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|Title:||Complexities of inservice education: Teachers identify factors that influence change|
|Author(s):||Olsen, Michele Rojek|
|Doctoral Committee Chair(s):||Easley, John A., Jr.|
|Department / Program:||Education|
|Degree Granting Institution:||University of Illinois at Urbana-Champaign|
Education, Teacher Training
Education, Curriculum and Instruction
|Abstract:||This study is the result of a search for insight into reasons why staff development programs are frequently ineffective in helping teachers make lasting changes in instructional practices. The premise of the study is that although a good deal of research is undertaken to determine optimum qualities of effective inservice education programs, very little attention is paid to understanding teachers' views of factors that influence their acceptance of change. This is problematic to those who wish to make improvements in the educational system, because the teachers they wish to change feel left out of the decision-making process in school improvement. These teachers therefore look upon inservice education as an imposition or, even worse, an indication that they are teaching in a deficient manner.
This report is written to help staff development leaders become more sensitive to the constraints inherent in the teachers' role that influence their readiness to accept practices introduced through inservice education. The report is based upon interviews with and case studies of teachers who were involved in two, year-long staff development programs lead by the researcher five years prior to the study. The teachers in the study identify important factors that encourage change, including administrative and collegial support, and they emphasize that being trusted and allowed to be involved in decision making is crucial to their perception of having earned a license to make changes as they sense they are needed. The teachers also stress that inservice education is most likely to succeed when continued support is provided by colleague mentors placed in the classroom after the training sessions are completed.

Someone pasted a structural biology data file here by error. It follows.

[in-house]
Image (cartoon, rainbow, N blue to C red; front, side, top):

An insight of this study points to a new definition for staff development. This research indicates that rather than being linked to curricular reform, inservice education should provide a setting in which teachers can behave as scholars. There is evidence that the scholarly teacher is driven to seek optimum methods for educating students. Since school settings are not conducive to scholarly thought, inservice education should be designed to allow teachers a chance to reflect, interact and retreat to a world of the mind.
|Rights Information:||Copyright 1991 Olsen, Michele Rojek|
|Date Available in IDEALS:||2011-05-07|
|Identifier in Online Catalog:||AAI9210942|